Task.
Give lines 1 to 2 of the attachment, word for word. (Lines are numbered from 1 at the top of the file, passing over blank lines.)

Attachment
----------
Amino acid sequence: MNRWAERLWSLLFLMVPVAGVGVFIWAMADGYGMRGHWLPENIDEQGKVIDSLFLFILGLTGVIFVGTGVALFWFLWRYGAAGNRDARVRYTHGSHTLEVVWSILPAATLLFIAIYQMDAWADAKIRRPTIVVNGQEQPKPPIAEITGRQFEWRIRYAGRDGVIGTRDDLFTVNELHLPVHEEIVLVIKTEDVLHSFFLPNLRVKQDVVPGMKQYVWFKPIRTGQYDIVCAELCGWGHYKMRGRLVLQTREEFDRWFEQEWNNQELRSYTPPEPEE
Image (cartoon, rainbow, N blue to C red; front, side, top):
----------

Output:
Amino acid sequence: MNRWAERLWSLLFLMVPVAGVGVFIWAMADGYGMRGHWLPENIDEQGKVIDSLFLFILGLTGVIFVGTGVALFWFLWRYGAAGNRDARVRYTHGSHTLEVVWSILPAATLLFIAIYQMDAWADAKIRRPTIVVNGQEQPKPPIAEITGRQFEWRIRYAGRDGVIGTRDDLFTVNELHLPVHEEIVLVIKTEDVLHSFFLPNLRVKQDVVPGMKQYVWFKPIRTGQYDIVCAELCGWGHYKMRGRLVLQTREEFDRWFEQEWNNQELRSYTPPEPEE
Image (cartoon, rainbow, N blue to C red; front, side, top):